United States District Court, D. Utah
MEMORANDUM DECISION AND ORDER GRANTING MOTION TO
DIRECT ENTRY OF FINAL JUDGMENT UNDER RULE 54(B)
N. Parrish, United States District Court Judge.
the Court is Plaintiff International Fidelity Insurance
Company's (“IFIC”) Motion to Direct Entry of
Final Judgment Under Rule 54(b) (ECF No. 71). IFIC asks the
Court to enter a final judgment as to the claims dismissed by
the Court's March 2, 2017 Memorandum Decision and Order
(ECF No. 69). The Dismissed Defendants do not oppose the
relief IFIC seeks. However, they seek certain safeguards if
IFIC succeeds on appeal. For the reasons set forth below, the
Court grants IFIC's motion subject to the safeguards
requested by the Dismissed Defendants.
dispute arises out of Plaintiff IFIC's attempt to enforce
an Indemnity Agreement against more than sixty defendants.
Benjamin Logue was involved in the La Porte Construction
Project, and he secured contractor and performance bonds from
IFIC. IFIC prepared certain Resolutions and an Indemnity
Agreement, and Mr. Logue unilaterally executed the
Resolutions and Indemnity Agreement purportedly on behalf of
the Dismissed Defendants, unilaterally representing to IFIC
that he was the managing member of each of the Dismissed
each of the Dismissed Defendants' publicly available
articles of organization identify them as a single-purpose
LLC with a clearly delineated single purpose. The Dismissed
Defendants do not have a financial, material, or beneficial
interest in the La Porte Construction Project. Nor was Mr.
Logue the managing member of any of the Dismissed Defendants
(with the exception of Andalucia Properties). And none of the
Dismissed Defendants authorized Mr. Logue to execute the
Resolutions or Indemnity Agreement on their behalf.
difficulties arose with the completion of the La Porte
Construction Project, IFIC served La Porte with a Notice of
Default and Termination and made a demand under the bonds.
IFIC also sued to enforce its purported rights under the
Indemnity Agreement on claims of indemnity, specific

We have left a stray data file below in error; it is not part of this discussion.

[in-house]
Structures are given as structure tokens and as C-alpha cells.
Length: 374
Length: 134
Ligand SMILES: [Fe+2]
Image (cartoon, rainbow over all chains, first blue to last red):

performance, and quia timet relief.
Dismissed Defendants moved to dismiss IFIC's claims
against them on the grounds that Mr. Logue lacked authority
to execute the Resolutions or Indemnity Agreement on their
behalves. After a hearing and extensive briefing, this Court
agreed and converted the Dismissed Defendants' motions to
dismiss into motions for summary judgment.
Court granted the Dismissed Defendants' motions, finding,
among other things, that (1) “[n]one of the Movants
ever authorized Mr. Logue to sign the Indemnity Agreement or
Resolution on their behalf, ” (2) that “Mr. Logue
lacked authority as a matter of law to execute the Indemnity
Agreement on behalf of each Movant, ” and (3) that IFIC
had expressly disclaimed any argument that Mr. Logue had
apparent authority to execute the Resolutions or Indemnity
Agreement. IFIC now asks the Court for an entry of final
judgment on the dismissed claims pursuant to Federal Rule of
Civil Procedure 54(b).
54(b) is an exception to the final-judgment rule. Waltman
v. Georgia-Pacific, LLC, 590 Fed. App'x 799, 808
(10th Cir. 2014). Under the Rule, a district court may direct
a final judgment as to one or more but fewer than all of the
claims or parties (thus making a ruling immediately
appealable), so long as the court determines “that
there is no just reason for delay.” Fed.R.Civ.P. 54(b).
To be proper, a Rule 54(b) certification must contain three
features: (1) it must stem from a lawsuit involving multiple
claims; (2) it must represent a final decision as to at least
one of the claims; and (3) it must include the district
court's express determination “that there is no
just reason for delay.” Waltman, 590 Fed.
App'x at 809-10 (quoting Fed.R.Civ.P. 54(b)). If one of
the three features is lacking, the court of appeals will not
have jurisdiction. Id.
Lawsuit Involving Multiple Claims
lawsuit involves multiple claims against multiple defendants.
Thus, the first requirement for a Rule 54(b) certification is
Final Decisions on at the Claims at Issue
considered “final, ” an order must be
“‘final' in the sense that it is ‘an
ultimate disposition of an individual claim entered in the
course of a multiple claim action.'”
Curtiss-Wright Corp. v. General Elec. Co., 446 U.S.
1, 7 (1980) (quoting Sears, Roebuck & Co. v.
Mackey, 351 U.S. 427, 436 (1956)). As such, “a
judgment is not final for the purposes of Rule 54(b) unless
the claims resolved are distinct ...